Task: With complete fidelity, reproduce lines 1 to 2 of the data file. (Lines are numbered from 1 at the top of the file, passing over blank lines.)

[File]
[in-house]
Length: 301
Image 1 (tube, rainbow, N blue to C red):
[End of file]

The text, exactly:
[in-house]
Length: 301